Curious about SQL attacks?

March 20, 2009 at 8:31 am Leave a comment

That question should be, actually, automated SQL attacks, managed by botnet masters (which may explain to you the continuing rise in concern over the Downadup virus, which hasn’t at least apparently been used for anything much–although recently the merely 5K or so possible addresses that could be contacted for instructions expanded to 50K or so).

Anything that can run inside a browser, from QuickTime to Flash to the Java Script mentioned in the article–is an active threat, which is why the Firefox NoScript addon is a useful layer of defense.  However, MS is being blamed, mostly because its browser (IE) still has the widest market share, although by a continually declining margin.

Pay attention especially, if you read the article (I do suggest it, although it may take some time, particularly if you follow the links inside it) to the reiterated absolute necessity for keeping software updated.  And after all of that, bear in mind that nothing is uncrackable.  There have been several wild-sounding declarations that the Internet has lost its utility over such vulnerabilities that can lead to “identity theft” or at least usage of portions of one’s online identity.  [I’ve actually accidentally seen two sites that claimed to sell complete identities, down to relatives, interests–and, of course, the relevant “social-networking” sites.  On one, I managed to escape without being infected.  On the other, it was caught by a subsequent scan (the Netsky virus).  Each was evidently at least potentially a trap of some sort, and I don’t indulge in or condone that kind of activity.  If you do somehow hit one of these sites knowingly, don’t let curiosity overwhelm you in the least.  Use ALT+F4 and clear history, cookies, temporary internet files–running CCleaner is the easiest way to do this, and history actually should be kept at an absolute minimum on your browser in any case, unfortunately–and run as complete a series of scans as possible.  And if you can, avoid going there in the first place by using WOT and/or Haute Secure.  Neither of which is infallible.  I recall one day when it was announced that at the least something like half a million sites had been hit–with no way of knowing which ones.  Don’t be too curious.  And bear in mind that places like Facebook do have profiles set up to install badware.]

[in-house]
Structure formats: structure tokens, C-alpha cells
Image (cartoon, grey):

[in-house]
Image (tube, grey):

Which is probably quite enough, if not too much.  I can be a bit wordy at times.  My apologies.


Entry filed under: browsers, computers/tech, current news, internet, internet security.

“A New Viewer” Defraggler

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